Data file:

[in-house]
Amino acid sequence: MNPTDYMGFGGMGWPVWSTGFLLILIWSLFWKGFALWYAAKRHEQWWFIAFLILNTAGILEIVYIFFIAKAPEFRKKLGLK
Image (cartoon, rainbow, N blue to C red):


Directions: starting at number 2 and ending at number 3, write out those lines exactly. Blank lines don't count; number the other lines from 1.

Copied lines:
Amino acid sequence: MNPTDYMGFGGMGWPVWSTGFLLILIWSLFWKGFALWYAAKRHEQWWFIAFLILNTAGILEIVYIFFIAKAPEFRKKLGLK
Image (cartoon, rainbow, N blue to C red):